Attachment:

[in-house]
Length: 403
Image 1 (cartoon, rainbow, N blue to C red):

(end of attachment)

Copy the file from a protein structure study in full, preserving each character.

[in-house]
Length: 403
Image 1 (cartoon, rainbow, N blue to C red):